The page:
One of the admittedly parochial concerns we in New Hampshire, as well as those in Iowa and other early-primary states, had as the Democratic Party set up its rules for holding candidate debates throughout this year was that they might so winnow the field of candidates and so firmly establish a front-runner that the early-state contests would have lessened impact than they historically have had or, worse, become an afterthought.

The unwieldy field of candidates — which at one time numbered over 20 — led the party to set rules for its series of nationally televised debates. As they played out over the summer and into the fall, those rules progressively raised the eligibility bar, ostensibly to ensure those left on the stage had viable candidacies, as measured by national and early-state polling results and by the number of individual donors. The criteria succeeded, at least in the sense that the candidates meeting them can now be squeezed onto a stage on a single night. But the worry that the early state contests would be diminished by the debate criteria may yet prove overstated.

As anyone tuning into the latest debate Tuesday night could see, the field of the 12 — yes, 12 — who qualified to appear on the stage remains unwieldy, and the cumbersome three-hour format continues to emphasize soundbite over substance. What was striking, however, is that with so many still on the stage, there seemed little reason to think even the seven candidates still running who didn’t make the cut have lost all hope.

And that’s where the early-state contests — in particular the Iowa caucuses and New Hampshire’s first-in-the-nation primary — come in. In both states, there’s plenty of history of underdog candidates defying both the odds and the polls by taking advantage of the up-close retail politicking possible in those states. In the 2000 election campaign, for example, the long-shot and relatively penniless Arizona Sen. John McCain relentlessly crisscrossed New Hampshire holding town meetings and other campaign events — he stopped by The Sentinel often enough that we jokingly wondered if he were applying for a job with us — built voter excitement and late momentum, and upset the heavily favored George W. Bush in the Republican primary. McCain eventually lost the nomination to Bush, but in his 2008 election campaign, after squandering his early lead in the polls, draining his campaign coffers and firing most of his campaign staff, he returned to shoe-string, one-on-one politicking in New Hampshire and fought his way back into the race by winning the primary on his way to becoming the Republican Party’s nominee.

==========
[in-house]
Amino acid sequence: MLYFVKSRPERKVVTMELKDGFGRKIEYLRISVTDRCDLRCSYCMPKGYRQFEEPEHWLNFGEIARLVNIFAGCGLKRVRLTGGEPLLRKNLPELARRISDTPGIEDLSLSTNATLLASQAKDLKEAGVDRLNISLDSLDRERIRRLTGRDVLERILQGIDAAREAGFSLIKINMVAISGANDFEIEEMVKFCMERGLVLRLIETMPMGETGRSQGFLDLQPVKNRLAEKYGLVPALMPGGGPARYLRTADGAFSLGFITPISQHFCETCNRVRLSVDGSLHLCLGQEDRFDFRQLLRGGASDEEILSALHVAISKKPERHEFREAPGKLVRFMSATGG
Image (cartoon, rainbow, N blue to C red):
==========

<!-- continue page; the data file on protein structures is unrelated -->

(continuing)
This is not to say that any of the most “under” of the current underdogs in the Democratic Party race will be able to pull off a similar stunner in this election cycle. And in New Hampshire, the path may be tougher because of the advantage often enjoyed by neighboring-state candidates — this time, Vermont’s Sen. Bernie Sanders and Massachusetts’s Sen. Elizabeth Warren. Even so, undeclared voters can vote in the primary, and meaningfully moving the needle against those on the more progressive end of the Democratic candidates’ spectrum may create momentum as the campaign moves on to other states. As for Iowa, given that there’s yet no breakout candidate, that state may still offer a hard-working, face-to-face campaigner the opportunity to grab a toehold and build some momentum where none seemingly exists.

On the Republican Party side, given the strong allegiance of President Trump’s core supporters, the state contests have been mostly considered a formality, but don’t rule out New Hampshire’s potential to provide a springboard in that race, either. A Franklin Pierce University/Boston Herald poll released Monday found that support among likely Republican primary voters for former Massachusetts Gov. Bill Weld, who’s been spending plenty of time in New Hampshire, has increased from 3 to 14 percent since early September. Weld, too, may be benefiting from the neighboring-state advantage, but he and the two other long-shot national Republican candidates might yet be able to attract undeclared voters with some roll-up-the-sleeves, grassroots campaigning in New Hampshire or Iowa and thereby change the conversation.

As the process is thus far playing out, then, despite early concerns, there’s reason to believe New Hampshire and Iowa still have an important role to play in determining the presidential field, at least in some part because they offer long shots the chance to change the national narrative through old-fashioned, face-to-face campaigning.